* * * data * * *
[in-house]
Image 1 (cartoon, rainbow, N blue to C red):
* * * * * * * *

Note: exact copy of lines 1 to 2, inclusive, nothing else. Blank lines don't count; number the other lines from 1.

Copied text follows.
[in-house]
Image 1 (cartoon, rainbow, N blue to C red):